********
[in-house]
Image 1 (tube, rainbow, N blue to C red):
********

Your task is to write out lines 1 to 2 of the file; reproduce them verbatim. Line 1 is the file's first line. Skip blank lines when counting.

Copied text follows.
[in-house]
Image 1 (tube, rainbow, N blue to C red):